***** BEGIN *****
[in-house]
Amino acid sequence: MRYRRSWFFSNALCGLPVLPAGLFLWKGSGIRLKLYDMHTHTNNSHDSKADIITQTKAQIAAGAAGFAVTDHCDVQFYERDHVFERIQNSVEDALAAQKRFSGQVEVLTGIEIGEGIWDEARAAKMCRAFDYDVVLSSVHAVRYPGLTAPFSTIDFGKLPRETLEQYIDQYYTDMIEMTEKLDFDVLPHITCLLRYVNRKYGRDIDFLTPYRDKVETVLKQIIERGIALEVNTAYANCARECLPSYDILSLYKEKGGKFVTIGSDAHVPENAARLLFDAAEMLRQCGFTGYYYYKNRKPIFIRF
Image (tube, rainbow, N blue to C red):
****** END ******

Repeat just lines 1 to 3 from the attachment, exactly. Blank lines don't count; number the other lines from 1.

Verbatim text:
[in-house]
Amino acid sequence: MRYRRSWFFSNALCGLPVLPAGLFLWKGSGIRLKLYDMHTHTNNSHDSKADIITQTKAQIAAGAAGFAVTDHCDVQFYERDHVFERIQNSVEDALAAQKRFSGQVEVLTGIEIGEGIWDEARAAKMCRAFDYDVVLSSVHAVRYPGLTAPFSTIDFGKLPRETLEQYIDQYYTDMIEMTEKLDFDVLPHITCLLRYVNRKYGRDIDFLTPYRDKVETVLKQIIERGIALEVNTAYANCARECLPSYDILSLYKEKGGKFVTIGSDAHVPENAARLLFDAAEMLRQCGFTGYYYYKNRKPIFIRF
Image (tube, rainbow, N blue to C red):